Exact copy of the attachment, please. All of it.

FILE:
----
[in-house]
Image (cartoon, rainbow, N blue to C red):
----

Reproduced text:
[in-house]
Image (cartoon, rainbow, N blue to C red):